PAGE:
The piston head is metal and the piston itself has a full rack of metal teeth.
The bevel gear has five anti-reversal latch teeth.
The spring guide is metal so shouldn't need replacing.

Opening up the gearbox for a more comprehensive inspection of the internals and things continued to look good; metal gearbox, steel gears, decently but not overly greased, plastic piston features, good so far. We take particular mention of the ported piston head and well-fitting o-ring for a nice seal and a bevel gear with five reverse latch teeth (definitely the higher end for most AEGs) and a decent nozzle resulting in the crisp operation of the weapon that we found during testing. In terms of alignment, gears were properly shimmed, decent bushings, neatly wired and everything locked into place nice and secure where they were supposed to; the stock spring is of the non-linear variety and while it probably offers minimal practical difference, it does supply 380fps out of the box and it sits on a metal spring guide. Overall, a nice set of internals resulting in a good gearbox.

Performance:
Opening up the gearbox for a more comprehensive inspection of the internals and things continued to look good; metal gearbox, steel gears, decently but not overly greased, plastic piston features, good so far. We take particular mention of the ported piston head and well-fitting o-ring for a nice seal and a bevel gear with five reverse latch teeth (definitely the higher end for most AEGs) and a decent nozzle resulting in the crisp operation of the weapon that we found during testing. In terms of alignment, gears were properly shimmed, decent bushings, neatly wired and everything locked into place nice and secure where they were supposed to; the stock spring is of the non-linear variety and while it probably offers minimal practical difference, it does supply 380fps out of the box and it sits on a metal spring guide. Overall, a nice set of internals resulting in a good gearbox.

Initially just test shooting right out of the box to get a rough idea, at 20m groupings where upwards of 12inches and that was with elevation; that was hardly surprising, with hop-up turned off it behaves like any other AEG so no big news there. Moving on to the actual accuracy testing we just skipped strait on ahead to the post-hop-up-adjust phase; with our impression from the initial shots we decided to shoot at 20m and 10m to get a spread result to get a better idea at the weapon performance at various ranges.

The accuracy tests were conducted indoors so wind was not a factor; firing position was seated and making use of a table-height gun rest so as to minimize user end inaccuracy and for authentic product testing we stuck to using the iron sights. The weapon was operating on an 8.4v tri-stick NiCad battery and chronoed very consistently at 380fps with KSC Perfect 0.2g BBs; all things considered, the rate of fire was actually very decent so we suspect running it on anything higher should yield an impressive rate of fire. Three shoots in all, first was semi-auto 10 shots at 20m, second was full auto 10 shots at 20m and finally semi-auto 10 shots at 10m. Full-auto shoots where done with the included hi-cap magazine; the full-auto shoot was done with a mid-cap (not included) and counted out so as to limit the full auto fire to exactly one continuous 10-shot burst.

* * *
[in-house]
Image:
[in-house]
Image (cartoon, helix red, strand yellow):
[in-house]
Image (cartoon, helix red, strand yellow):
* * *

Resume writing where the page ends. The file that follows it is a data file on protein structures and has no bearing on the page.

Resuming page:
Bear in mind when looking at the results that these tests are really about the groupings, not the placement, as we are testing the weapons accuracy and not the shooters skill (or lack thereof) operating iron sights. The 20m/65? range was selected to replicate longer shooting (typical with outdoor gaming) and the 10m/33? range reflects typical mid-to-long range for indoor shooting and generic CQB.

20 meters Semi-Auto
20 meters Full Auto
10 meters Semi-Auto

First shoot, semi-auto 10 shots at 20m/65’; grouping was about 19cm/7.5”, not bad but not terribly inspiring, fairly typical for an AEG. Second shoot, full-auto 10 shots at 20m/65’; grouping was about 15cm/6” resulting in a negligible difference with semi-auto which demonstrates how stable and consistent the hop-up is as even with the reasonable rate of fire it had no problem keeping things constant. Final shoot, semi-auto 10 shots at 10m/33’; grouping was about 5cm/2” giving for a solid drilling of a small spot at that range with most shots actually landing on top of each other.

Conclusion:
Over all, the weapon is ruggedly solid with a nice finish and built conservatively but practical with the slightest hint of minor eccentricity; inclusion of a rail system, crane stock, deans connector and t-connector gives for a nice package ready to take accessories and good to go right out of the box. Power is good but not too high, rate of fire is decent, hop-up is very consistent; we would say that the weapon performs well on its own but those so inclined to modify would likely find the secure hop-up a nice basis for an accuracy build whilst also a nice base rate of fire gives for a multiplying potential for pushing the envelope in the ROF department. Adding a tightbore precision barrel (no need to increase its length) and stepping up to 9.6v battery or LiPo (making use of minor re-wiring and adding a battery box) would render a high performance weapon with only minor modification.

Overall, we would say that its accuracy characteristics are fairly typical at longer range but its incredibly stable and consistent hop-up is great for sustain/suppression fire roles meaning you can spend less time worrying about your weapon and more on engaging the enemy!